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See detailElectrical resistivity tomography and self-potential case studies for fractured aquifer characterization and monitoring
Robert, Tanguy ULg; Dassargues, Alain ULg; Nguyen, Frédéric ULg

in Geophysical Research Abstracts (2010), 12

Electrical resistivity tomography (ERT) and self-potential (SP) investigations have been conducted in complex carboniferous limestones aquifers in Belgium (synclinorium structures). The aims of this study ... [more ▼]

Electrical resistivity tomography (ERT) and self-potential (SP) investigations have been conducted in complex carboniferous limestones aquifers in Belgium (synclinorium structures). The aims of this study were (1) to detect and characterize fractured zones in hard rock aquifers, (2) to monitor groundwater flow/water content in these fractured or karstic areas and (3) to use geophysical data to support groundwater flow model set-up and calibration. The investigated areas lie in calcareous synclines. Electrical images allowed us to detect and characterize (in terms of direction, width and depth) several less resistive anomalies, which are interpreted in terms of fractured and/or karstic zones. To interpret the ERT images, data errors as well as image appraisal indicators (resolution matrix, sensitivity matrix and DOI index) were analysed and compared. This allowed us to determine the depth of investigation of ERT and to avoid the misinterpretation of the resulting images. Inversions based on focusing scheme are tested against smoothness-constraint inversion on these field data to provide more realistic images on the basis of prior geological knowledge. Self-potential measurements were performed along the electrical profiles and allowed us to find negative anomalies possibly related with groundwater preferential flow pathways. By taking the assumption that only the electrokinetic effect plays a role in the SP signals, we were able to estimate a first distribution of the water table along our profiles. The SP data showed that in this particular tectonic structure, two perpendicular hydraulic gradients are present. The first gradient is related with the main fold axis direction and is the major drainage system. The second hydraulic gradient is related with the flanks of the calcareous valley. Geophysical data concurrently with ‘ground truth’ geological and hydrogeological data allowed us to better understand the groundwater flow in these calcareous synclines and to verify the conceptual groundwater flow model. [less ▲]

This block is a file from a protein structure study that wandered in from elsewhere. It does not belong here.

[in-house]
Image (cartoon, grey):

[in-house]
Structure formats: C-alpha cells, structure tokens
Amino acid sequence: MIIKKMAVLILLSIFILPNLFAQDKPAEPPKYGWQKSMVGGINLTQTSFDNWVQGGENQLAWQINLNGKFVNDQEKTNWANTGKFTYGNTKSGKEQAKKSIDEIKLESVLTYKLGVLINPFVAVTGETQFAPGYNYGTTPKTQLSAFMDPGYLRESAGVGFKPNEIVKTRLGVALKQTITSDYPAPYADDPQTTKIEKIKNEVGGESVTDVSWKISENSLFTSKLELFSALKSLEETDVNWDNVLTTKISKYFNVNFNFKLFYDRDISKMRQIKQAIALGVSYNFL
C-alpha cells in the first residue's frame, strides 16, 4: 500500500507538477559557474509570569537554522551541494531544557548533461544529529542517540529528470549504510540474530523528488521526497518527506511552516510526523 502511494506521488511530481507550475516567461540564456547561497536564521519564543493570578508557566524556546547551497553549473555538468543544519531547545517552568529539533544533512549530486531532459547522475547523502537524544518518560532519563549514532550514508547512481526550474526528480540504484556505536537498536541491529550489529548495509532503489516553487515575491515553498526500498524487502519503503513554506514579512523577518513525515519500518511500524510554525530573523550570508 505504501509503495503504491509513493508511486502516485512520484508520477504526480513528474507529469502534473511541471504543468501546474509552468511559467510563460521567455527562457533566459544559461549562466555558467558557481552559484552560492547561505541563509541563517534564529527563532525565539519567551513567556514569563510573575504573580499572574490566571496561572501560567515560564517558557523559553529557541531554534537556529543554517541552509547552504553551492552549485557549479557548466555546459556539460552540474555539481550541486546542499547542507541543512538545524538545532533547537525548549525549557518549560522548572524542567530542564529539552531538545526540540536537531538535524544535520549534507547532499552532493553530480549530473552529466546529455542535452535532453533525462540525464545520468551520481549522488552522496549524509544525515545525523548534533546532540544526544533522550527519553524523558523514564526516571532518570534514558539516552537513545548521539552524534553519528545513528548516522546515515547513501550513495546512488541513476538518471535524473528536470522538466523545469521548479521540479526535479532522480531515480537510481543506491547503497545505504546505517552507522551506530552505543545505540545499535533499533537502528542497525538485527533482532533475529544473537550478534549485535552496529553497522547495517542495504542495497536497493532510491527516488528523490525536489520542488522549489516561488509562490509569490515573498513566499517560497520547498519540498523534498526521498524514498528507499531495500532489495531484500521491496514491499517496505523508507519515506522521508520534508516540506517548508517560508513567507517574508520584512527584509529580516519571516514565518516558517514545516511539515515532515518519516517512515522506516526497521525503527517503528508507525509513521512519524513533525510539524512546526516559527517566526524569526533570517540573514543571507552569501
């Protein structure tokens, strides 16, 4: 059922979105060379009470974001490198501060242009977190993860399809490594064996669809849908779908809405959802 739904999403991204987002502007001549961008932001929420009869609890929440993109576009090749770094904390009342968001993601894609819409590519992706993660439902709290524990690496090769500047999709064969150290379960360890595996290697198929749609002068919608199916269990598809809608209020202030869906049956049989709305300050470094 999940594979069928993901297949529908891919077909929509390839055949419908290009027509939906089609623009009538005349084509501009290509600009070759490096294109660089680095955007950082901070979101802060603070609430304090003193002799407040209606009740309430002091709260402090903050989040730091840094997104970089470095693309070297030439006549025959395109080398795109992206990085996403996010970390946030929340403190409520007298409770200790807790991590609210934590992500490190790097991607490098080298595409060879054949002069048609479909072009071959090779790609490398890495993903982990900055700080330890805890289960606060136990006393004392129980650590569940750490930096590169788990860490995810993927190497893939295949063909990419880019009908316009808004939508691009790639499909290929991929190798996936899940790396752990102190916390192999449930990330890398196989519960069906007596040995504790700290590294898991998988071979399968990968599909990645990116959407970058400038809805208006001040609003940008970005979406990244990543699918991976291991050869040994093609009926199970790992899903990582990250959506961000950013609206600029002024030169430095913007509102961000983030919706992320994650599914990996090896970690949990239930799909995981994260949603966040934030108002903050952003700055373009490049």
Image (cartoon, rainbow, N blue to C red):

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See detailTime series of 12CO and 13CO at northern mid-latitudes: Determination of Partial Column and δ13C seasonal and interannual variations
Mahieu, Emmanuel ULg; Duchatelet, Pierre ULg; Rinsland, C. P. et al

in Geophysical Research Abstracts (2009, April), 11(EGU2009-10017-1),

Carbon monoxide (CO) is an important reactive gas in the troposphere. It is emitted at the ground level by fossil fuel combustion and biomass burning. Biogenic sources and oceans as well as oxidation of ... [more ▼]

Carbon monoxide (CO) is an important reactive gas in the troposphere. It is emitted at the ground level by fossil fuel combustion and biomass burning. Biogenic sources and oceans as well as oxidation of methane and nonmethane hydrocarbons complete the emissions budget. Large uncertainties still affect the relative contributions of the identified anthropogenic and natural sources. Destruction by the hydroxyl radical (OH) is the main removal process for CO in both the troposphere and the stratosphere. The resulting average tropospheric lifetime of CO varies from several weeks to a few months. Two approaches have been developed and optimized to independently retrieve abundances of 12CO and 13CO from high-resolution ground-based infrared solar spectra, using sets of carefully selected lines and the SFIT-2 (v3.91) algorithm which implements the optimal estimation method. The corresponding products will be described and characterized in terms of error budget and information content. These strategies have allowed us to produce partial column time series of 12CO and 13CO, using spectra recorded on a regular basis at the Jungfraujoch station (46.5ºN, 8.0ºE, 3580 m asl, Swiss Alps), a site of the Network for the Detection of Atmospheric Composition Change (NDACC). The seasonal and interannual changes observed in the 12CO,13CO and δ13C (13C/12C) data sets will be presented and discussed. Complementary zonal mean time series derived from occultation measurements collected by the ACE-FTS instrument onboard the Canadian SCISAT-1 platform since 2004 will also be included and analyzed, focusing on the upper troposphere-lower stratosphere region of the atmosphere. Finally, we will use GEOS-Chem 3-D chemistry transport model results to help in the interpretation of the short and long-term variations characterizing the ground-based and satellite data sets, focusing on the factors influencing the partitioning between the two CO isotopologues. [less ▲]

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See detailLocal electron density reconstruction from simultaneous ground-based GNSS and ionosonde measurements
Stankov, Stanimir; Warnant, René ULg; Stegen, Koen

in Geophysical Research Abstracts (2009, April), 11(Abs. No EGU2009-10956),

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See detailOn the TEC short-term forecast with corrections based on the average ionospheric response to background and storm-time geomagnetic conditions
Stankov, Stanimir; Warnant, René ULg; Kozarev, R.

in Geophysical Research Abstracts (2009, April), 11(Abs. No EGU2009-13283),